David Cronenberg, director of the loose graphic novel adaptation A History of Violence recently sounded off on his disapproval of the recent fanfare and critical acclaim for Christopher Nolan’s Batman film trilogy saying “I think it’s still Batman running around in a stupid cape, I just don’t think it’s elevated.” He went on further to say “A superhero movie, by definition, you know, it’s comic book. It’s for kids. It’s adolescent in its core. That has always been its appeal, and I think people who are saying, you know, ‘Dark Knight Rises is, you know, supreme cinema art,’ I don’t think they know what the f**k they’re talking about.”
Now Cronenberg may be addressing the film adaptations of superhero comics, but that doesn’t prevent his comments from outright criticizing the artistic depths of the comic book superhero in any medium. I don’t find this criticism entirely well-founded in terms of the nature of superheroes and comics, primarily because he seems to label anything with a superhero a “comic” and everything else a “graphic novel.” He explains “Obviously a graphic novel where you’re inventing characters that no one has ever seen before is quite different than doing another Batman movie, or a Green Hornet movie, or a Superman movie.” Despite the mincing of words, Cronenberg’s comments do work to reveal the general stagnancy of the modern superhero and the public’s entire misinterpretation of it.
Something odd has happened with the superhero genre in general. After years of association with children, action figures, and lunchbox covers, it is now common knowledge that the superhero can be successfully depicted in a mature setting. The dark and brooding superhero is no longer a new sight. Though arguments still persist, it has become increasingly easy to argue for the artistic merits of superheroes on the common internet discussion board. For this, we can thank Batman.
In 1986 Frank Miller published Batman: The Dark Knight Returns, and the man in the cowl has never been the same since. Miller introduced a much darker story to the already shadowy world of Batman that explored an older, brooding Bruce Wayne. From there, Batman was forever a darker character in future publications, following with similarly mature storylines and themes. Though popular iterations of Batman came and went over the years following, they were never given true, popular recognition until the advent of Chris Nolan’s Batman film trilogy. Just three years after Batman Begins was released to media controversy over its decision to tell a dark, mature story, its wildly successful sequel, Dark Knight, was nominated for 8 Oscars and caused internet uproar over its exclusion from the best picture competition. Mature superheroes had reached the world of film.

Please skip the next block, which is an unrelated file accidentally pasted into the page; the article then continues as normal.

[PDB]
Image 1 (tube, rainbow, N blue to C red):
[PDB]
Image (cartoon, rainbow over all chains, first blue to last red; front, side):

While the graphic novel industry looks back on the advent of darker superhero comics as a landmark in artistic achievement, I wonder where the superhero genre is headed in general. Superman, perhaps the most original and iconic superhero, once filled comic books with fantastical colors and images woven together with rather light-hearted tales of justice and triumph over evil. In a few months, some of those behind Nolan’s Batman trilogy will release the newest Superman film, Man of Steel, complete with gritty, shadowy imagery and a strikingly humanizing image of Superman in handcuffs.
Frank Miller started something extraordinary with Dark Knight Returns, but I fear that, finally culminating with Nolan’s trilogy, the popular perception of the superhero genre has become a derivative, one-dimensional practice.
Prior to Nolan’s films, there hadn’t been much in the way of a true, dark, gritty superhero film. Perhaps Sam Raimi’s Spiderman films helped pushed the bar, but they are undeniably playful at heart. In the comics though, the superheroes had been dark and gritty for years. Nolan’s trilogy isn’t really all that new for superheroes in general, just for those who don’t read the comics. But just because it’s dark doesn’t make it more profound. Though Chris Nolan’s film presents mature themes, it’s still just doing the superhero thing, just not in a way it’s been done on film. It should be recognized for that, but it just isn’t the revolutionary piece of art that so many internet cinephiles will argue on for days on end. The films are, in their own right, solid, well-crafted, and uncommonly thoughtful actions flicks, but I have to agree with Cronenberg here. Those clamoring for the Dark Knight’s revolutionary, artistic prowess? “I don’t think they know what the f**k they’re talking about.”